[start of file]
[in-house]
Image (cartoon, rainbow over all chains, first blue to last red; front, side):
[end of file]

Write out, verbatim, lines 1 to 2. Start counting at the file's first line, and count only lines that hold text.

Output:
[in-house]
Image (cartoon, rainbow over all chains, first blue to last red; front, side):